1. As per Section 16(4) of CGST Act, 2017, no taxpayer shall take input tax credit in respect records (invoices and debit notes) for supply of goods or services (or both) for Financial Year 2020-21 after the due date of furnishing the return for the month of September 2021.

    • Records of the invoice or debit notes pertaining to Financial Year 2020-21 reported in GSTR-1 after due date of GSTR-3B of September 2021 will not reflect as “ITC Available” in GSTR-2B of the recipients. 

    • The records pertaining to Financial Year 2020-21 reported in GSTR-1 after due date of GSTR-3B of September 2021 will also not reflect as “ITC as per GSTR-2A” in Table-8A of GSTR-9 of the recipients.

It is to be noted to the taxpayers of the above and ensure that their records pertaining to Financial Year 2020-21 are reported on or before the due date of their GSTR-3B for the month September 2021, or for the quarter of July to September 2021 in the case of quarterly GSTR-3B filers.

Different Types of Input Tax Credit

Understanding the various types of Input Tax Credit is crucial for businesses. From credit on goods and services to credit on capital goods, each category plays a distinct role in optimizing tax liabilities. Below are the different types of input tax credit under GST:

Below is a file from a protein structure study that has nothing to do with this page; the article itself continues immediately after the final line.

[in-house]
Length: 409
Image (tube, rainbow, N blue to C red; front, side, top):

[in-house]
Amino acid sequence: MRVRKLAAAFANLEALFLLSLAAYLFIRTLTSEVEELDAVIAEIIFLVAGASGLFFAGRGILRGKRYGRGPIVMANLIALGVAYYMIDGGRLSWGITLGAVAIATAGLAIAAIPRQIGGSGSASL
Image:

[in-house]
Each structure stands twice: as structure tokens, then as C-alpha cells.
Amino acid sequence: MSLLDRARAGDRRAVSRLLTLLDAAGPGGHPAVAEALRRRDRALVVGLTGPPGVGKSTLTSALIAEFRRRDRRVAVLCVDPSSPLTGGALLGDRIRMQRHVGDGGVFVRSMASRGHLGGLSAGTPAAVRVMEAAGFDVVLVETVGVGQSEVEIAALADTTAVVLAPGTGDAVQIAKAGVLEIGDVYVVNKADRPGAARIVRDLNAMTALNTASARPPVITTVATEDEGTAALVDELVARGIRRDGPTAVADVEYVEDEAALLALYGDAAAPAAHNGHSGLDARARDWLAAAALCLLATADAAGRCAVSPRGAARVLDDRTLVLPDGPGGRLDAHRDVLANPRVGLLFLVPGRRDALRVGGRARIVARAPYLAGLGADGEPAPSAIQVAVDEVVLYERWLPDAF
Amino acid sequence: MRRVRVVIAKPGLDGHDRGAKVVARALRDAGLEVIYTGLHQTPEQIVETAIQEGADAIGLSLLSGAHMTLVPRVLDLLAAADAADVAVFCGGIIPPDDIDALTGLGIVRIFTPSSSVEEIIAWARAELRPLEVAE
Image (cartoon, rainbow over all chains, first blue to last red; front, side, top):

Input Tax Credit on Integrated Goods and Services Tax (IGST) for Imported Goods:

 When businesses import goods, Integrated Goods and Services Tax (IGST) is to be paid at customs. They can claim Input Tax Credit for the IGST paid on imported goods.

Input Tax Credit on Capital Goods:

ITC on capital goods includes the tax credit businesses can claim on the purchase of assets like machinery, equipment, or computers used for their operations.

Input Tax Credit on Inputs (Raw Materials):

Input Tax Credit (ITC) on inputs refers to the credit businesses can claim for the tax paid on raw materials purchased for production.

Input Tax Credit on Input Services:

Businesses can also claim credit for the tax that is paid on services used in their operations. It includes services such as legal advice, accounting services, or consultancy fees.

Input Tax Credit on Reverse Charge Mechanism (RCM):

The Reverse Charge Mechanism (RCM) involves the recipient of the goods or services paying the tax directly rather than the supplier. Businesses can claim Input Tax Credit on such reverse charge transactions.

How to Apply for Input Tax Credit

Applying for Input Tax Credit involves adhering to specific procedures. This section will provide a step-by-step guide to the application process, ensuring businesses can harness the benefits effectively.